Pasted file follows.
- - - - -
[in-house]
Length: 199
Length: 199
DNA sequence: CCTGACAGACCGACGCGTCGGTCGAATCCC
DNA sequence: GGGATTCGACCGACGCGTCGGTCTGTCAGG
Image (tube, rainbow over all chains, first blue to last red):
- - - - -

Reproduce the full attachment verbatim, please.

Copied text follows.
[in-house]
Length: 199
Length: 199
DNA sequence: CCTGACAGACCGACGCGTCGGTCGAATCCC
DNA sequence: GGGATTCGACCGACGCGTCGGTCTGTCAGG
Image (tube, rainbow over all chains, first blue to last red):